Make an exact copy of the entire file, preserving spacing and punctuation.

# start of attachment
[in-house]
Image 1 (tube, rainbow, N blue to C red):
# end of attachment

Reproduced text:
[in-house]
Image 1 (tube, rainbow, N blue to C red):